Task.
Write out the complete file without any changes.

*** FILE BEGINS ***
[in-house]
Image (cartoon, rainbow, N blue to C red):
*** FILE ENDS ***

[in-house]
Image (cartoon, rainbow, N blue to C red):